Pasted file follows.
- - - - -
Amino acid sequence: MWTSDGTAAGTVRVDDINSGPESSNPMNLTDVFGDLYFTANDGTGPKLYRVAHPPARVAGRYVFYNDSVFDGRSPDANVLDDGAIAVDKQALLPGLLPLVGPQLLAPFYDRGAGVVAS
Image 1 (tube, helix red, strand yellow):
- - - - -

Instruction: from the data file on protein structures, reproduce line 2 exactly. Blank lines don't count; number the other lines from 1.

Image 1 (tube, helix red, strand yellow):